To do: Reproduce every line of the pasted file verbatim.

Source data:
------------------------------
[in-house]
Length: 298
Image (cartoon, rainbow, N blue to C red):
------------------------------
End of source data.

[in-house]
Length: 298
Image (cartoon, rainbow, N blue to C red):